What is Coronary heart disease?
Coronary heart disease (CHD) is the leading cause of death both in the UK and worldwide.
CHD occurs when coronary arteries become narrowed by a build-up of fatty material, this causes pain and discomfort in the chest on exertion (angina). If a complete blockage occurs it can cause a heart attack, which is potentially fatal.
The commonest and most recognisable symptoms of CHD are chest discomfort (angina) or breathlessness which usually comes on with physical exertion. The chest discomfort is often described as tightness across the chest which can radiate to the jaw or down the arms.
There are several risk factors for CHD that include smoking, high blood pressure, diabetes, obesity, lack of exercise and a family history of coronary heart disease.
What is a Coronary Angiogram?
It is an invasive diagnostic procedure that is considered to be one of the best ways to diagnosing coronary heart disease (CHD).
During the procedure a long thin catheter is inserted into a blood vessel in the arm or the groin. Using X-Ray guidance the catheter is then passed into the coronary arteries. Once the catheter is in place a dye is injected which then highlights the coronary arteries and any blockages.
The procedure is usually carried out under light sedation and with a local anaesthetic. The procedure takes around 15 minutes to perform.
As with most procedures done on the heart, a coronary angiogram does have some risks. Major complications are however rare with coronary angiography.
What is Coronary Angioplasty and Stenting?
Coronary angioplasty and stenting is sometimes known as Percutaneous Coronary Intervention (PCI). It is a procedure done to open blocked coronary arteries. It involves inflating a balloon in the blocked segment of the coronary artery and then deploying a small wire mesh tube called a stent to keep the artery open.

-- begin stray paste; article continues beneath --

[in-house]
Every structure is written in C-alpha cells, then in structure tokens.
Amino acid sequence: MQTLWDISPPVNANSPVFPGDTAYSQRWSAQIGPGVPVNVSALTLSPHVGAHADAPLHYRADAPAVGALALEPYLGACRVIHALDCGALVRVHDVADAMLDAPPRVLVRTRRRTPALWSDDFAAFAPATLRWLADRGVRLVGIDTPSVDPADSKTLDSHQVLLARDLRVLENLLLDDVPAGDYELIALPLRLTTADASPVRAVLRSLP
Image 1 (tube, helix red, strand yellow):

Modern stents are usually coated with a drug (drug eluting stents) which prevents excess tissue growth inside or at the edge of the stent and have very good long term results.
The PCI procedure is also performed either via an artery in the wrist or the groin. The procedure on average takes around an hour to perform. PCI procedures are a common medical procedure and serious complications are rare. Patients are usually discharged from hospital on the same day following a PCI procedure.
How do I prepare for a coronary angiogram or PCI procedure?
Don’t eat or drink anything for 4 hours prior to the procedure.
You will receive written instructions with regards to your medication if any drugs need to be stopped. These often include drugs for diabetes or blood thinners like Warfarin.
Patients undergoing possible PCI will be given instructions to take blood thinners prior to coming to hospital which usually include Aspirin and Clopidogrel.
Arrange for transportation home. Driving is not allowed for 24 hours following an angiogram and you shouldn’t drive a car for a week following a PCI procedure.